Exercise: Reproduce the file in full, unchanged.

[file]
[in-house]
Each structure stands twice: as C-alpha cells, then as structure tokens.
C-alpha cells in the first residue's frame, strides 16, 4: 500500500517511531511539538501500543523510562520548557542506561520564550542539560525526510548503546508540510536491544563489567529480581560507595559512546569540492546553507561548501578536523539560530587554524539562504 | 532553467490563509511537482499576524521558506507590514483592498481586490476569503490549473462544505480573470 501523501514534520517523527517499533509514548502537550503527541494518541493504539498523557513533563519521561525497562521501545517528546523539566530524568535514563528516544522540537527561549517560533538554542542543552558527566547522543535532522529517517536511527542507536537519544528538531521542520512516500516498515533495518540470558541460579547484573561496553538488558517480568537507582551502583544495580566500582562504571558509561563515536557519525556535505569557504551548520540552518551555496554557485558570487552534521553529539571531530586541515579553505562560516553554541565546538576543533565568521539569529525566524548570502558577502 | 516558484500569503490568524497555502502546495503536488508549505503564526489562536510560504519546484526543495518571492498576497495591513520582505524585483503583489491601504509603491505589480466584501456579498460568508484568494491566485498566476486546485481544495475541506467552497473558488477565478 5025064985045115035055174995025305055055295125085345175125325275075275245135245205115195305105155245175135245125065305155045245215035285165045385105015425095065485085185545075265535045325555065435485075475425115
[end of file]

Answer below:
[in-house]
Each structure stands twice: as C-alpha cells, then as structure tokens.
C-alpha cells in the first residue's frame, strides 16, 4: 500500500517511531511539538501500543523510562520548557542506561520564550542539560525526510548503546508540510536491544563489567529480581560507595559512546569540492546553507561548501578536523539560530587554524539562504 | 532553467490563509511537482499576524521558506507590514483592498481586490476569503490549473462544505480573470 501523501514534520517523527517499533509514548502537550503527541494518541493504539498523557513533563519521561525497562521501545517528546523539566530524568535514563528516544522540537527561549517560533538554542542543552558527566547522543535532522529517517536511527542507536537519544528538531521542520512516500516498515533495518540470558541460579547484573561496553538488558517480568537507582551502583544495580566500582562504571558509561563515536557519525556535505569557504551548520540552518551555496554557485558570487552534521553529539571531530586541515579553505562560516553554541565546538576543533565568521539569529525566524548570502558577502 | 516558484500569503490568524497555502502546495503536488508549505503564526489562536510560504519546484526543495518571492498576497495591513520582505524585483503583489491601504509603491505589480466584501456579498460568508484568494491566485498566476486546485481544495475541506467552497473558488477565478 5025064985045115035055174995025305055055295125085345175125325275075275245135245205115195305105155245175135245125065305155045245215035285165045385105015425095065485085185545075265535045325555065435485075475425115